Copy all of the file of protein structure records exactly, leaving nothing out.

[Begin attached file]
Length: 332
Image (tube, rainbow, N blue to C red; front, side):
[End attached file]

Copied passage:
Length: 332
Image (tube, rainbow, N blue to C red; front, side):